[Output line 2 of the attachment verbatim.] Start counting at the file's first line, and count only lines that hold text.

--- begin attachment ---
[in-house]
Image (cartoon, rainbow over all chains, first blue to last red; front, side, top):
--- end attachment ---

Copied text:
Image (cartoon, rainbow over all chains, first blue to last red; front, side, top):